Alternatively, Ocasio-Cortez would probably have an easier time mounting a bid against Kirsten Gillibrand, New York’s junior senator, who faces re-election in 2024. Let me first state, plainly, I don’t believe Ocasio-Cortez is going to run a primary against either sitting senator. For someone so young, who can simply wait out the retirements of one or both senators, there is not much incentive to engaging in such bitter campaigns. If Ocasio-Cortez is in a hurry to get to the Senate in her 30s—and her supporters want her there—the path is clearly through Gillibrand. Suggesting this, to some, is offensive. Gillibrand has a progressive record as a senator, fighting for sexual assault victims in the military and consistently voting against Trump nominees. I suggested Ocasio-Cortez primary her simply as an alternative to running against Schumer, who objectively would be much harder to defeat, as the minority leader of the Senate. Gillibrand’s standing within New York’s political establishment is much weaker; this isn’t really a fact that can be contested in any meaningful way. When she ran for president, her campaign was as ignored by powerful Democrats as Bill de Blasio’s, though it was mocked much less. By the time Gillibrand dropped out of the race in August 2019, she had won just a single endorsement from a New York elected official. It’s unclear the political establishment would rally enthusiastically around Gillibrand if Ocasio-Cortez announced a Senate campaign and raised, relatively swiftly, $10 or $20 million. Would the state’s most influential labor unions, like 1199 SEIU, spend millions to defend Gillibrand against such a forceful challenger? Perhaps if Cuomo makes them. In a hypothetical Ocasio-Cortez v. Gillibrand showdown, I am less convinced Ocasio-Cortez would struggle to win over voters who typically prefer incumbents.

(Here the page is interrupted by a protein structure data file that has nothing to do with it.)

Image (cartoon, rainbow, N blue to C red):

Gillibrand, who has only held her seat since 2009, does not enjoy Schumer’s name recognition or longevity. Unlike Schumer, Gillibrand was appointed to her seat by then-Gov. David Paterson to fill Hillary Clinton’s vacancy; to this day, Gillibrand has never won a competitive statewide Democratic primary. Though Democrats geared up to challenge her in 2010, party officials dissuaded any kind of primary and Gillibrand ended up crushing token Republican opposition that year, as she did again in 2012 and 2018. It’s worth recalling how controversial Gillibrand’s selection was at the time. A one-term congresswoman who had ousted a Republican in 2006, Gillibrand was, by any measure, a very conservative Democrat. She aggressively opposed efforts in New York to grant driver’s licenses to undocumented immigrants. She received an “A” rating from the National Rifle Association. Upon the news of Paterson’s selection, gun control advocates were irate. “When I heard Gillibrand was his pick, I thought it was a joke,” Gloria Cruz of the Million Mom March to Prevent Gun Violence told the Daily News. “This is an insult to the families of gun violence victims across the state. Shame on Gov. Paterson.” The most charitable view of Gillibrand is she had to adopt certain views for a right-leaning district that were never really her own; as a senator, she was liberated to be the progressive she always wanted to be. Politicians evolve on issues all the time and we should commend those who self-reflect and change. Gillibrand herself has apologized for her past.